Access to bottom tiles of a roof above a GF extension

Discussion in 'Roofing and Guttering' started by SmileyDan, 27 May 2015.

  1. SmileyDan

    SmileyDan

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    See the image:


    I want to access the tiles on the upper roof above and between the two windows, in the middle of the photo.

    This is to make it easier to strip back the felt and apply insulation maintaining ventilation gaps. See http://www.diynot.com/diy/threads/help-identify-my-eaves-make-up.435298/

    I wondered if it would be easier to do it this way, because doing it from the loft is really tricky - the gap down into the eaves from inside is long and narrow.

    How to access that upper roof?
     
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  3. garethpa

    garethpa

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    The diy and potentially dangerous way - depending how tall you are you may be able to reach the upper roof by standing on the lower roof. A couple of scaffold boards or similar laid on the lower roof would be needed to spread your weight. However, finding a way of securing them so they do not slip down the roof may be tricky.

    The proper health and safety way would be scaffolding to provide a working platform. This is what I would advise.
     
  4. SmileyDan

    SmileyDan

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    I am vertically challenged so...

    I have roof hooks. If I put one ladder on the top roof, overhanging the eaves... that could work, but the ladder would need moving a lot.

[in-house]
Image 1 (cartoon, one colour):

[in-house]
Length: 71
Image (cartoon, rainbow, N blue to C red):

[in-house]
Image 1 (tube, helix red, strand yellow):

5. geraldthehamster

    geraldthehamster

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    I wouldn't do what you're doing. Cramming a bit of extra insulation into the eaves isn't going to make a lot of difference. Falling off that roof through not using proper scaffolding will change your life, and your family's life. I knew someone who died falling from a roof, and he was a tradesman.

    Cheers
    Richard
     
  6. SmileyDan

    SmileyDan

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    I don't intend to threaten my life! I'll probably just make do with going from the loft. There aren't enough other jobs that need doing there that justify getting scaffolding.

    Strongly disagree about not adding extra insulation! We all have to do our bit.
     
  7. geraldthehamster

    geraldthehamster

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    I'm not saying don't add insulation. Insulation is a good thing: it saves you money, keeps you warm, and makes penguins happy. I'm just suggesting that if you're insulating the loft, and you have cavity wall insulation, then trying to get right into the eaves is going to make the square root of FA difference.

    Cheers
    Richard
     
  8. SmileyDan

    SmileyDan

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    I understand your point and you are right to highlight the safety implications.

    However I do think everything needs to be closed off and these details addressed when it comes to insulation and air tightness.

    Back of a fag packet calculations. Assume leaf U=2 and 2236 degree days. That's about 155kWh for each wall, means about £20 saved per year.

    Not a lot but that's for the life of the building. Also, I suspect leaving weak spots in insulation means other insulation works less effectively (they raise the temperature delta such that heat is lost quicker through the weak spots). Plus potential for condensation etc.
     
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